Annals of Burns and Fire Disasters - vol. X - n. 4 - December 1997


Ghoneimi I.G.(1), Bang R.L.(1,2)

(1) Al-Babtain Centre for Plastic Surgery and Burns, Kuwait
(1,2) Department of Surgery, Faculty of Medicine, Kuwait

SUMMARY. A study was made in Kuwait of forty minor burn patients treated as out-patients from February 1994 to April 1995 (27 males/13 females; mean age 19 yr ; age range 1-47 yr). Twenty-six patients sustained scalds, five flame burns, five contact burns, and four had electric flash burns, The extent of burn ranged from I to 12% total body surface, mainly involving the lower limbs. Thirty-eight patients sustained dermal burns and two had minimal full-thickness burns. The burn wounds were treated with topical Solcoseryl'.* Solcoseryl dressing was easy to use, comfortable, and well tolerated by the patients. The spontaneous wound heating in 7 to 29 days (mean 18 days) conformed to initially assessed burn depth in the majority of patients. The favourable healing showed that no post-injury deepening of the burn wound had occurred. The incidence of hypertrophic scarring was comparatively less in Solcoseryl-treated patients. Solcoseryl is therefore is a good topical agent for the management of minor burn wounds.


The management of the burn wound is aimed at prevention of infection and at the arrest of impending tissue necrosis, so that healing ensues favourably in partial-thickness burns. Superficial partial-thickness burns heal within two weeks without scarring, but deep partial-thickness burns are often problematic. The problem is aggravated by the inherent tendency of these burns to deepen during the first three days post-injury and become infected, developing hypertrophic scars. A healing time extending beyond the third week postburn leads to abnormal scar formation. Wound dressing plays an important role in burn patients in whom spontaneous healing is anticipated. An ideal wound dressing should be easy to apply and remove, stay in place, relieve pain, protect from infection, ntinitnize disruption of the wound bed, encourage re-epithelialization, and be cost-effective. The search for an ideal dressing continues, in burn wound care.
Solcosery10 is a chemically and biologically standardized protein free nonantigenic and noripyrogenie dialysate of blood from healthy veal calves. It contains a broad spectrum of low molecular organic and inorganic substances which help in wound healing by normalizing metabolic disturbances and tissue damage associated with stress injury and hypoxia. The action of Solcoseryl increases oxygen uptake by cells, stimulates ATP synthesis, improves glucose transport, stimulates collagen formation, and promotes angiogenesis. Solcoseryl has a capacity to speed up the return of reversibly damaged cells to their normal state by growth-factor-like activity and cytoprotective effects. Skin wound healing is a combination of cellular and hormonal reactions with scar formation, and scar quality depends on the harmony of the cellular and hormonal reactions. Hypertrophic scar formation is quite common after burns and the use of Solcoseryl is claimed to reduce scarring by balancing the cellular and hormonal reactions. This study was undertaken to evaluate the role of Solcoseryl in burn wound management.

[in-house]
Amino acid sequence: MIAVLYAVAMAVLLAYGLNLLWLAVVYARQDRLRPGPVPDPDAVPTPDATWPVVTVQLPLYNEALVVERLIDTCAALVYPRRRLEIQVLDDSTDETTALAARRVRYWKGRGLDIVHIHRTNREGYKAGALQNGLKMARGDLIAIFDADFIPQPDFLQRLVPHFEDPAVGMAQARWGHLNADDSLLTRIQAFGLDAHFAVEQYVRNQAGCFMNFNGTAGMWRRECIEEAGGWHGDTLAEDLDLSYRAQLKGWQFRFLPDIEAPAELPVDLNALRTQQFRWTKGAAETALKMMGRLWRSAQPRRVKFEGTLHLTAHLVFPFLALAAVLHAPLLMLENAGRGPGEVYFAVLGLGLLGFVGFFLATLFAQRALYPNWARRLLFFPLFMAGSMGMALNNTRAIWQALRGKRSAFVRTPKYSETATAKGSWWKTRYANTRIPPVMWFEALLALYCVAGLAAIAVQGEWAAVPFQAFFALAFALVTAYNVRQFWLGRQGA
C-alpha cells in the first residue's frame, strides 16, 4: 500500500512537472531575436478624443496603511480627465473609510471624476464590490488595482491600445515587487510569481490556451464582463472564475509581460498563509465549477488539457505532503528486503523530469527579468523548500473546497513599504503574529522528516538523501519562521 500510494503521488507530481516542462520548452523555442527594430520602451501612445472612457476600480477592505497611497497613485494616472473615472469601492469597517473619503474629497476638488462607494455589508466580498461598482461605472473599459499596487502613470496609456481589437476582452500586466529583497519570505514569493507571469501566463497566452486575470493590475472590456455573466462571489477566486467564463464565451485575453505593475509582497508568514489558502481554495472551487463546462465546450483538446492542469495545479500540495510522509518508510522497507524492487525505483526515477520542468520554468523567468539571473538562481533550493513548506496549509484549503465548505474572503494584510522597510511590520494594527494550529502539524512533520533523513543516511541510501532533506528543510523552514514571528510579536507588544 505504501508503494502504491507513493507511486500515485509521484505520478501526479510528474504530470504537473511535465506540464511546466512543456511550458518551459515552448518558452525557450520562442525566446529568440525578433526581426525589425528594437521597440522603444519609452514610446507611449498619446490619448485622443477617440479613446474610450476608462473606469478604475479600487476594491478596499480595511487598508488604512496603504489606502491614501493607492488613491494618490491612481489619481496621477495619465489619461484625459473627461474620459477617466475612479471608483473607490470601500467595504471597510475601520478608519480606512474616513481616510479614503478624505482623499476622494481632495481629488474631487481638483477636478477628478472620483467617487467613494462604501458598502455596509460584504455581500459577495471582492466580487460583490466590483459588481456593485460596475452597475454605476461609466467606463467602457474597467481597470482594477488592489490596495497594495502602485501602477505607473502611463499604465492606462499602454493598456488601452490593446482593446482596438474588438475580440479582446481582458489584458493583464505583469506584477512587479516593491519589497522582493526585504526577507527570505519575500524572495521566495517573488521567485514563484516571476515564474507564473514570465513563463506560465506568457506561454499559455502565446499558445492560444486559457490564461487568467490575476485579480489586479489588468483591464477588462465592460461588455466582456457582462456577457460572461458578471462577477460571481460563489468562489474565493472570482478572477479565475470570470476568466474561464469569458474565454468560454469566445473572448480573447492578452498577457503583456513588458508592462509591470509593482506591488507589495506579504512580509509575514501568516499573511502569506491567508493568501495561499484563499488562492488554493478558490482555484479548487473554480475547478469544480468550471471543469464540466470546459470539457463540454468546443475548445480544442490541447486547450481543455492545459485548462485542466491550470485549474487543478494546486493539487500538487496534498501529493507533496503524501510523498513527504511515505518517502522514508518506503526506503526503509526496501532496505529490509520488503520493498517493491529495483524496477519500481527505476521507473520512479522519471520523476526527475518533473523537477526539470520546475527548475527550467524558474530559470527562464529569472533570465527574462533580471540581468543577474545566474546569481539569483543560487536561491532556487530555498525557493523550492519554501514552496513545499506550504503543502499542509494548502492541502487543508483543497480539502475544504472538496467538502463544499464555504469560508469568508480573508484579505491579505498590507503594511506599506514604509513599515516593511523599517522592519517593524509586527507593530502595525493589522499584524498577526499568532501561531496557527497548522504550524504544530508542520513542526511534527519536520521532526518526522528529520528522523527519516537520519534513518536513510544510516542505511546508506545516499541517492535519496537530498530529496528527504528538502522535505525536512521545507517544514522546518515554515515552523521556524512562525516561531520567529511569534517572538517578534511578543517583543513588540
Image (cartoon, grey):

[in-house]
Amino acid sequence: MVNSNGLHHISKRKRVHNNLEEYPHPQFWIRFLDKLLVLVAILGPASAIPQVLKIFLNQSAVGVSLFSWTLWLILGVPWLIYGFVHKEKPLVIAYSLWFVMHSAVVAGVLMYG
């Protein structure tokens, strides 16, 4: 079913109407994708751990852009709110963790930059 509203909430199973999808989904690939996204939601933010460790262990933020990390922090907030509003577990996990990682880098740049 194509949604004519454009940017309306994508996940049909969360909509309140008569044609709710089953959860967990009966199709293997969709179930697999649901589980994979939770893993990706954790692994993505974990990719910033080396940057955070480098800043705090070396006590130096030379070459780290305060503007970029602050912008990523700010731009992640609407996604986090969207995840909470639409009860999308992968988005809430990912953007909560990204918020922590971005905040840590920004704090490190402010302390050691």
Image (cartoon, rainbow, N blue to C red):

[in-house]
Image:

Material and methods

Forty minor burn patients who from February 1994 to April 1995 attended Al-Babtain Centre for Plastic Surgery and Burns (Kuwait) within 24 h post-burn were included in this study. The burn area was mapped out according to the Lund and Browder chart. Burn depth was judged on the basis of various clinical criteria. After initial burn wound swabs had been taken, the area was covered with Solcoseryl and gauze and then bandaged. All patients were treated as out-patients. The dressing was inspected every day and changed if needed - otherwise it was routinely changed on alternate days until complete healing occurred. WouDd swabs were taken twice a week as a part of microbial surveillance. Subjective comments of pain, ease, comfort and tolerance of dressing, as well as objective assessment of the wound condition, swab results and the healing process, were recorded twice a week until complete. Once the wounds had healed, they were reviewed every month for a period of six months to assess scar quality, and photographic records were taken.
The findings were recorded on standardized forms and analysed by age, sex, cause, extent and depth of burn, comfort, ease of use, tolerance, allergies, healing duration, and scar quality in all patients.


Twenty-seven male and thirteen female patients with a mean age of 19 yr (range 1-47) were studied (Table I).

Age (years) Male Fernale Total
<= 5 6 6 12(12%)
6- 15 5 1 6(15%)
16-40 15 6 21 (52.5%)
> 40 1 - 1 (2.5%)
Total 27(67.5%) 13 (32.5%) 40(100%)

Table I - Age and sex distribution

Twenty-six patients sustained scalds, five flame burns, five contact burns, and four had electric flash burns. The extent of burn varied from <=1-12% total body surface area (TBSA), although the majority of patients sustained :<= 5% burns (Table II).

Depth of burn

Percentage of burn

<=5 6-10 >10

Total (%)

Superficial dermal
15 6 2

23 (57-5%)

Deep dermal
4 1 -


Mixed dermal
9 1 -


Full thickness
2 - -


30 (75.0%) 8 (20.0%) 2 (5.0%)


Table II - Severity of burn

Thirty-eight patients presented dermal burns and two had full-thickness burns. In the patients who sustained full-thickness burns, the extent was less than 1 %. The body parts involved are depicted in Table III - the majority of patients (70%) sustained limb burns. Thirtyseven patients reported that use of Solcoseryl caused no pain and that it was quite a comfortable dressing, while three commented otherwise. The application and removal of Solcoseryl were easy - the dressing did not smell abnormal, and it was easy to observe the healing process. The wound swab results showed colonization of organisms in thirteen patients, but no clinical infection occurred in any of them. No allergic reaction occurred during the course of treatment.